iOS App Testing

iOS app testing is still a new discipline. Most users are busy exploring their options and the tools available to decide what’s right for their testing needs. This page will put the general issues relating to the iOS testing scene in context and throw light on the specifics of Testdroid’s offering. In short, we offer several things…

What “iOS App Testing” Means on Different iOS Configurations?

iOS testing is normally made up of some or all of the following parts. To learn more about each part, and what Testdroid provides, please click the links.

Manual testing- you do this by running a Testdroid Interactive, or by installing and testing the app on a real iPhone or iPad. Testdroid can help you perform manual testing on multiple iOS configurations without having to set up the complex device lab yourself. Testdroid Interactive will be available later 2015. Please check the status on Testdroid Cloud -> Interactive.

Test automation- for any iOS app with some degree of complexity, inevitably, you will have to write scripted tests and automate their running. There are two main types of automated tests: end-to-end tests and unit tests.

XCTest and XCUITest for Unlimited Number of Tests

system tests – in this type of full system test, a real user is simulated. The test checks how all components of the system work together. This form of testing involves launching the app on real device, then automating interaction with the user interface to perform certain user actions (such as touching, swiping), and then checking the test result. For example, you can run an end-to-end test that 1) logs into the app and 2) tries to upgrade from a free to paid subscription. This process is a highly sensitive operation, and one that must be tested from end-to-end. Because system tests are “costly” in terms of computing resources and also more complex to run, you always need to prioritize and test only the most important workflows in your application. Another challenge is that system tests run differently on different iOS configurations (for example, on an iPad vs. on an iPhone).

That means you have to run each test several times – once for each configuration you intend to support. We see three scenarios for running end-to-end tests:

Running XCTest / XCUITest yourself – you can use your own real devices o run scripted end-to-end tests. But the number of tests you can possibly run, and the different iOS configurations you are able to test will be limited by the number of machines and mobile devices you actually own. In addition, you must install and manage the infrastructure on your own.

Running XCTest / XCUITest in the cloud – Bitbar products provide the most versatile selection of different iOS devices in the cloud and allows you to run end-to-end tests on the provider’s servers in the cloud — you need only supply your app and a test script. The number of servers at the cloud provider far exceeds the number any one tester can set up. Also, Testdroid has already set up hundreds of iOS version-device combinations, so you cover more options and run more tests more quickly. But there’s a price to all this versatility- you’ll need to pay the cloud provider, usually based on the number of tests you perform and in accordance with test complexity.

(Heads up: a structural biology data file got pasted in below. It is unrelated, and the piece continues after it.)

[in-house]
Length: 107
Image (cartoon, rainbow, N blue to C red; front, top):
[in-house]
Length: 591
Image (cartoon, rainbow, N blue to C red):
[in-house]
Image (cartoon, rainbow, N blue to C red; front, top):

Testing, End Tests and System Tests in Agile Development Process

Selenium automation – the open-source Selenium project has already become the de-facto standard for scripting and running end-to-end tests in the non-mobile automated testing world. Testdroid strongly believes in leveraging this standardization effort to include mobile testing, too. Our mobile testing offering supports Selenium and provides a painless ramp-up for existing Selenium users.

Unit testing – a unit test involves coding to test a single component of an app, taken in isolation. The test typically passes to the component a series of variables, and checks that the component returns the correct values. Running unit tests is faster and far less “costly” than running full system tests, because you don’t have to initiate a full instance of iOS for each test. Instead, you can run a large number of tests together on a local machine. Apple’s XCode development environment lets you create and run unit tests for iOS apps. It is often used together with Kiwi, an Objective-C unit testing framework, which aims to improve the readability of tests and make test running and error reporting more seamless.

Testing frameworks – XCTest is nowadays the standard framework with XCode. However, if you consider doing unit tests or full-blown system tests, and to make it all work together, you are going to need a testing framework. If you are using older Xcode versions (<= Xcode 7) the most basic solution is to learn Apple’s Javascript-based UI Automation framework, which lets you write test scripts and run them through the XCode development environment. If you are using the latest Xcode (Xcode 8 >=) XCTest and XCUITest are readily available for your app testing needs. Outside of that, there are several open source frameworks that try to make automated iOS testing easier. Among them are: Jasmine, Frank, Calabash-iOS, iOS-Driver, Keep It Functional (KIF), and Appium. There are important differences between these frameworks.

Continuous integration – if you perform automated testing on a large scale, you probably use a CI system such as Jenkins or Travis. Those systems typically request and execute all these tests, record their results, and feed them into an agile development process. Of the iOS testing frameworks, some, including Appium, enable you to connect to a CI system and run automatic iOS tests in the context of your agile development process. That’s OK, but be conscious that mobile CI is in its infancy and does not yet work as smoothly as CI with traditional testing tools. We’ll shortly provide further details here about our mobile CI offering.

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